One of the elemental byproducts of the growth of big media was a sense of powerlessness projected on the audience. In the last century, newspapers and television stations spoke to us like proctors in a one-way conversation. As those fabricated walls crumble, so too does the idea of decorum.
Hate speech has reached another cyclical high as right-wing activists and barely literate conspiracy theorists have connected with one another to rally against Barack Obama. He is a fascist, a socialist, a communist, and desires to bring about a totalitarian state of big government bloat. His gets to wear a Hitler mustache or have his lips painted in Joker-style red lipstick. He is created as a villain upon whom every undereducated American can pile their fears of an apocalyptic future.
With some especially desperate protesters bringing guns to demonstrate against Obama’s healthcare reform initiative, things seem like they’ve reached an insurrectory high.
A lot of people have been digging into the roots of this mindless opposition as if it were novel or heartfelt (neither are true). I remember seeing “Bye Bush” pins on my classmates backpacks in 1992. I was a freshman in high school and the youth vote was rallying around a Rhodes Scholar who could play saxophone and was hammering the first George Bush on the economy and not having intervened in Bosnia to prevent an obvious genocide.
I wasn’t political then, but I remember being struck by the directness of the statement. It was a total rejection of someone who held an office that seemed incompatible with the idea of “total” rejection. How can a person in charge of as much as the president be rejected completely, without equivocation?
What was even more striking was how personal the sentiment was. The ‘92 election was a generational one, Clinton sailed by Bush and Perot, on a wave of young voters eager for “change.” Their resentment against the previous generation was built on a resentment of the “old guard.” What that meant was never clear.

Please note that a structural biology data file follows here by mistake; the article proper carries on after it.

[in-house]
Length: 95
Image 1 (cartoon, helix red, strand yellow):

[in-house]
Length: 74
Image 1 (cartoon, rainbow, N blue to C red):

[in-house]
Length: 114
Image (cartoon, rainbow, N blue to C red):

Ever since then, the idea of personal defenestration of the nation’s leader has seemed second nature. It’s a cultural white noise that lingers in the background of all political conversations. Clinton was a communist. George W. Bush was a fascist, a National Socialist (with no sense of irony), and a religious zealot. Now Obama is taking his turn on the fascist merry-go-round.
All of this roots back to education, which has been the lingering chancre on the face of American politics for years. Every election cycle there are new issues (the ’91 recession, Bosnia, tax cuts, Iraq, healthcare, the ’08 recession); every major public debate over national policy winds up polarized by people with fervent beliefs and no fundamental understanding about what they believe.
How many people who fear that Obama is a closet Socialist know what the term actually means? How many people jeering these dissenters could define the term with any more lucidity? The echo of this fundamental ignorance can be traced back throughout the decades, from the tragically incoherent debate about the invasion of Iraq to the mutual demagoguery of the Clinton scandals (least of which is the first legal invocation of the phrase “act of genocide” to buffer against the Genocide Convention during the Rwandan atrocity).
The greater irony is that this virulent hate speech has continued in an era where information is more freely available than ever. It’s entirely reasonable that someone would rather listen to Glenn Beck than read through a Congressional Budget Office report. But it is pure and gullible ignorance to take that polemic as truth.
Slandering those in control of the government as witch doctors of imminent destruction (a Bush neo-imperialism, or Obama’s tyrannical socialism) is a good story, but it’s stunning to encounter people who really, seriously think this is true. And it’s even sadder to think that one side has any moral authority over the other because of invented distinctions that are more entertainment than truth.
But it sure feels good to call someone a fascist. If our education system was on a more level playing field, we might have a population better equipped to engage in a national debate about real, mundane politics. Instead, instead we wrestle with tax cuts, healthcare reform, social security, abortion law, or any other serious matter of policy as if they were inscrutable objects in some grand theater, bookended on either side by ignorance and indifference.